“Quaintly bizarre notions with a refreshing outlook”
By Ian McFarlane
This record is a typically unassuming artefact from the early 1970s Aussie rock scene that seems to want to hide its light under a bushel. It doesn’t jump up and scream out “Look at me! Play me!”. On the surface, it seems to go about its business like a kindly old uncle sitting down to a nice cuppa tea but when you finally lift the lid on its contents you find that there’s a sly and demented sense of humour going on. It’s actually more like a naughty school boy enjoying a giggle at everyone else’s expense than any kind of avuncular persona you first thought.
Of course the giveaway is when you take a closer look at the front cover line drawing – a seedy flasher in flat cap, half-sized overcoat and rancid sneakers with a big nose, wide arse and hairy legs – which suggests sheer entertainment and more to be had inside. And then what of the song titles on the back cover – ‘Be My Honey’, ‘Pie in the Sky’, ‘Blue Movies Made Me Cry’, ‘We are Indelible’, ‘In the Bog’, ‘Esmeralda’, ‘Some Good Advice’ – surely enough enticement to give it a decent listen. Frank Zappa asked the question “does humour belong in music?” and clearly guitarist / singer / song writer Mike Rudd and The Indelible Murtceps agreed.
Since 1969 Rudd had been steering his band Spectrum with a steely resolve, to a great deal of success on the local scene. The group had gone to #1 in early 1971 with the enduring ‘I’ll Be Gone’ single but Rudd was still intent on presenting Spectrum as a “concert” attraction. In general the music was full-blown progressive rock with psychedelic and space-rock touches; audiences could sit cross-legged on the floor, soak up the vibes and let the expansive musical textures waft over them like great clouds of intoxicating marijuana smoke.
Not long after Spectrum’s chart success, Ross Wilson’s new band Daddy Cool went to #1 with ‘Eagle Rock’. The two bands embarked on the joint national Aquarius tour, and Rudd noticed how Daddy Cool encouraged their audiences to dance around and join in the fun. Rudd decided to forego Spectrum’s complex material for a much simpler, more danceable sound in order to work the lucrative discotheque / dance circuit.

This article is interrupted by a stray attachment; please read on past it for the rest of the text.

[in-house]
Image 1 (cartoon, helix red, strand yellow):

In October 1971, he created a new band called The Indelible Murtceps utilising the same musicians (bassist Bill Putt, drummer Ray Arnott and organist Lee Neale) but with a different outlook. This allowed Spectrum to continue as a creative unit while the alter-ego Murtceps simply played for fun and profit. In addition to the more energetic, danceable sound, the basic difference musically was Neale playing the electric piano instead of Hammond organ. Mike Rudd was also billing himself now as My Crudd. The band enjoyed a minor hit single with the jaunty ‘Esmeralda’ b/w ‘We Are Indelible’ (#36 in May 1972) and issued the entertaining Warts Up Your Nose album (#19 in December 1972).
Prior to that, as well as featuring some astonishingly imaginative material Spectrum’s legendary double album Milesago (December 1971) also incorporated elements of Rudd’s new approach to dance moves with the likes of ‘Play a Song That I Know’, ‘But That’s Alright’ and ‘Virgin’s Tale’ being suited to the Indelible Murtceps gambit. It was as if one entity had already started to assimilate the other.
When the band appeared at the inaugural Sunbury Pop Festival, held over the Australia Day weekend at the end of January 1972, they were able to appear as both Spectrum and The Indelible Murtceps, yet each set incorporated elements of the other. The subsequent Various Artists double live album Sunbury issued by EMI later in the year featured Spectrum doing ‘Some Good Advice’ and ‘I’ll Be Gone’, while the Murtceps did ‘We Are Indelible’, ‘Be My Honey’ and ‘But That’s Alright’.
One of the great things about Warts Up Your Nose is that eight of the eleven tracks run for less than three minutes; only ‘Esmeralda’ and ‘Excuse Me Just One Moment’ go slightly over that mark while even the 12 minute 45 second ‘Some Good Advice’, which retains the Spectrum musical stamp, is deceptively simple in execution and outcome. The addition of a four-piece horn section on ‘Excuse Me Just One Moment’ and ‘Stay Another Day’ lends a jazzy swing to proceedings. All up, some of the quaintly bizarre notions expressed in ‘Pie in the Sky’, ‘Blue Movies Made Me Cry’, ‘Hand Jive’, ‘Stay Another Day’, ‘Some Good Advice’ and ‘Esmeralda’ retain a refreshing outlook to this day.
While Warts Up Your Nose is kinda rootsy in its own way, it’s clearly not one of those “heavy monster psych” records that collectors of arcane 1970s pieces go nuts over. The sad things is that it has yet to be reissued on CD; Aztec had started the Spectrum CD reissues project some years ago, releasing Spectrum Part One and Milesago but various unforeseen circumstances conspired to prevent things from moving ahead. The Spectrum / Murtceps albums Testimonial and Terminal Buzz are likewise waiting in the wings for a second chance on CD.
I still believe that these are the kinds of records that people need to hear again in the advancing digital age. Mike Rudd is still (occasionally) hitting the stage with Spectrum, despite the death last year of his musical partner of 44 years Bill Putt, so it would suggest that fans still appreciate this guy’s musical integrity. Let’s hope Warts Up Your Nose appears on CD sometime in the near future.
THE INDELIBLE MURTCEPS – ‘Warts Up Your Nose’ (His Master’s Voice / EMI OCSD 7697) issued in 1972
1. Be My Honey
2. Pie In The Sky
3. Blue Movies Made Me Cry
4. We Are Indelible
5. In The Bog
6. Excuse Me Just One Moment
7. Hand Jive
2. Stay Another Day
3. Some Good Advice
4. Snap, Crackle And
Produced by Howard Gable